2nd Sunday  of Christmas C  –  Peace To The World

The Christmas many people celebrate is the Christmas of marketeers. It is so widespread and endemic that even believers struggle to find Christ under the tree! The baby tends to get lost amid sentimentality, familiarity, distraction, reindeer and holiday shopping. Somehow or other the hope is to hang on to the great Christmas message of God’s love for our world and everybody and everything in it.  Historians tell us that nearly all ancient societies were like caste systems.  “Different levels of social status reflected inherent differences of being” writes British philosopher Larry Siedentop. Ideas that certain groups were “natural slaves,” intrinsically inferior and born to be dominated, were widespread. Into a Roman world of slaves and masters, where might was right, Jesus was born.The shepherds may well have been surprised, even shocked, that the long awaited Messiah was born in a cattle manger after being refused hospitality at a local inn. Society would have programmed them to think that the Saviour would be born in a castle or a royal palace. The inhospitable world into which Christ the Saviour came was a place where to be a slave or a woman, to have a disability, or to be a racial or religious minority was to lack dignity and value. It took several centuries for the church to see the story of Jesus as a new way of being human. Thanks to the teaching of  St. Maximus the Confessor in the seventh century the church started to see that the Incarnation changed our understanding of humanity itself: the value and worth of a human being would be God-given, and a foil for the supposed prerogatives of the powerful. This gave impetus to and reason for the church’s outreach to the poor and its espousal of social justice and human rights in future centuries.

We recall at Christmastime those words of Paul’s letter to the Philippians: “Christ Jesus emptied himself, assuming the condition of a slave, being made as all men are and becoming obedient even to death on a cross” – Phil 2:: 6-7. Most of us in the West are accustomed to considering the condescension and humility of God as seen in a baby born of poor parents in a hillside cave. To consider Christmas in the larger context of God’s intention and Jesus’ mission is not something we readily associate with the crib scene. The weak and helpless baby in the manger offers us familiar and easy  access to God’s love. The baby grew to be a remarkable preacher, prophet and healer, and was despised because of his love for the poor and disenfranchised. He challenged the systemic injustice that was rife all around him and was publicly executed because he insulted the Roman system by calling God his Father. That was blasphemous to Roman ears: Caesar, and only Caesar, was entitled to be called the “Son of God.”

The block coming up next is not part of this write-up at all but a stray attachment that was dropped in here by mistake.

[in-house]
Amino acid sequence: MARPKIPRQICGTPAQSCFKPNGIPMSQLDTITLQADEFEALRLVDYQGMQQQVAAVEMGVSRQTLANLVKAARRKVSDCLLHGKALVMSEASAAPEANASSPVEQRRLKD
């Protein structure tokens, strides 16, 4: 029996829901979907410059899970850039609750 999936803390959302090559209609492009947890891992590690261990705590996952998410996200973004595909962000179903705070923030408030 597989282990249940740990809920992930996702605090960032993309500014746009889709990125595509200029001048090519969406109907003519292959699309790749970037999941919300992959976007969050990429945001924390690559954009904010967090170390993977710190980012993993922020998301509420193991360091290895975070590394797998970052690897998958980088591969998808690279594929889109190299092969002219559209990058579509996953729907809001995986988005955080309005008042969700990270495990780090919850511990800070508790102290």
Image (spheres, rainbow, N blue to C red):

We are teasing out this week the implications of Christmas and I am writing this on the feast of the Holy Innocents. It’s a commemoration that serves to highlight child victims of war, poverty, abortion, trafficking and neglect. I read recently that death stalks an estimated 83 million forcibly displaced fellow humans roaming the earth in search of welcome. Disparity in the distribution of vaccines and food will mean higher death rates in poor nations while other nations stockpile. Would our Saviour have taken a stand against legalising such injustice and violation of human rights and dignity?  In addition to charitable outreach to the poor, do we see the promotion of justice and peace to be an organic component of our Faith?


Fr. QQ – 12/29/2021       If you want peace work for justice.    Pope St. Paul VI

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